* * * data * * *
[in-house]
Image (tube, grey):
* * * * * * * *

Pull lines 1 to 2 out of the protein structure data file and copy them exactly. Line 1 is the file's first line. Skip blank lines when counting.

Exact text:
[in-house]
Image (tube, grey):